15. Looks like a terrific time for all! Enjoyed also reading the responses. Happy New Year Mas and friends.

  16. For anyone near south central Virginia, a butcher shop in Gretna has the best jowls I have ever had. My first revolver was a blackpowder 1860 Army that I loved shooting a locust post with on the farm. I recall the late lawman Frank Gamer had a single action he used as his carry gun most of his career. Inspired by his later years,I recently acquired a 1911 in 38 Super I hope to fire soon. My first 8 years in law enforcement was with a wheel gun and I often carry one concealed. Thanks for the work you do and those who contribute in their own experience and comments. Greensboro, NC

  17. As regular readers here know, I’m an old time radio fan. I can’t let the mentions of Gunsmoke go by without noting that IMHO it was one of the best shows ever produced on radio and, frankly, far superior to the television version that followed. I’ve heard all 400+ episodes, some several times, and never tire of it. For anyone interested, all or virtually all of the episodes can be played and/or downloaded here on one’s computer or smartphone:


    It was a show which wasn’t afraid to tackle sensitive or complex topics, and was well-written and acted.

    For a more modern western show, I’d recommend Tales of the Texas Rangers with Joel McCrea. It’s Gunsmoke meets Dragnet and, while not of the rarefied quality of either of those shows, is still pretty darn good listening.

    For those of you who haven’t tried old time radio, let me recommend it (especially while driving). The images you can make in your mind are usually far better than anything you can see on a screen and there is a huge variety of genres. Most of the shows – and almost all of the best ones – can be streamed or downloaded for free from the Internet Archive or multiple other sources.

  18. As I recall, William Conrad was the voice of Matt Dillon in the original radio version of “Gunsmoke”. He later portrayed Detective Frank Cannon in the TV series “Cannon”.

    Dave, I recall listening to the “Gunsmoke” radio shows as a child with my homemade crystal radio. I wonder if our tech savvy millennials have a clue of what a radio drama is, much less a crystal radio?

  19. Sirius/XM radio has old time radio dramas on one of their channels and I’ve heard William Conrad as Matt Dillon a few times.

    I’ve also heard that Peter Graves (original Mission Impossible), the brother of James Arness, was first offered the role of Matt Dillon but turned it down thinking the show would never last on TV.

  20. Dennis: That’s correct. He didn’t become the TV Matt Dillon because his physical appearance, though less rotund than in his Cannon days, didn’t match his voice. He was 5′ 8″ and round-faced; James Arness was 6′ 7″, lean, and craggy.

    Though radio drama was still around in my youth – it ended with the final episodes of Yours Truly, Johnny Dollar (another of the very best series once Bob Bailey took the lead roll) and Suspense both on September 30, 1962 – my family had TV from before the time I was old enough to pay attention and I didn’t become a fan until I was well into adulthood. I now envy you for having heard it in its full glory.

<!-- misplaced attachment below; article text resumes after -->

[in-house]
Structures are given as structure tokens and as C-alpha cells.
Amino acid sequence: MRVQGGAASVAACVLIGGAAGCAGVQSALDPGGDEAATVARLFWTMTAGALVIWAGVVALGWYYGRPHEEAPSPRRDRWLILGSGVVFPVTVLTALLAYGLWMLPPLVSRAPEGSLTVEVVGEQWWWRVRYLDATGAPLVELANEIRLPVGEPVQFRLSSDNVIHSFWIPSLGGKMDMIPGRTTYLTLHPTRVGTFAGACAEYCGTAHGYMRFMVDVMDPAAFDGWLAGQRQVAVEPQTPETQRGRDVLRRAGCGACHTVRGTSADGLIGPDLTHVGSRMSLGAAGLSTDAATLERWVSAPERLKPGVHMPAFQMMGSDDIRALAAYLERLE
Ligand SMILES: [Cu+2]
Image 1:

My younger son is also a fan, but my older son couldn’t care less.

  21. MichaelJT: That’s where I listen most these days, but sometimes I get a hankering for something specific and listen to the episodes at Internet Archive via my smartphone Bluetoothed to my car infotainment system. For those who don’t have satellite radio, however, but can listen via their smartphone (perhaps Bluetoothed to their car), there are several good variety and specific-genre old time radio shows available through TuneIn, a free app which offers radio stations from all over the world. search on “old time radio”.

  22. I well remember Johnny Dollar and Gunsmoke as well as another show that began, “Who knows what evil lurks in the minds of men? The Shadow knows!”
    (The Shadow probably would have had a headache during 2016). Good show with great sound effects. I can vividly remember listening to all those shows leaning my chin on the arm of our sofa with my eyes staring at the radio.
    Kid’s (and adult’s) imagination made the whole thing “real.”

  23. There are several forms of fast draw in the US at this time. World fast draw, and Ohio fast draw are two of them in addition to Cowboy Fast Draw. Outside of Cowboy Fast Draw, the bulk of most of the other fast draw sports is done with the “fanning” method. In CFD, the “off” hand must be outside of the body before commencing the draw, and the shooting hand is positioned on the gun in the “lawman ready” position. This is done to help reduce the chance of guns dropping, which in CFD, results on loss of round. Visiting the Cowboy Fast Draw Association (CFDA) at cowboyfastdraw.com will afford the answer to almost any question one might have concerning the sport. At club level, we are very liberal with the provision of equipment and ammo to allow interested folks to try this sport at no cost. Only their time.

  24. Mas
    My wife insists on sauerkraut, black eyed peas, and any pork will do. This handed down from her Swedish family background, but fits in very well with us here in Florida. The kraut add an aromatic quality to the cocktail.